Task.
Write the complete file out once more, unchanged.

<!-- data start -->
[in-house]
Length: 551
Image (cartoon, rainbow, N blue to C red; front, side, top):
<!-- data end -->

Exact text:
[in-house]
Length: 551
Image (cartoon, rainbow, N blue to C red; front, side, top):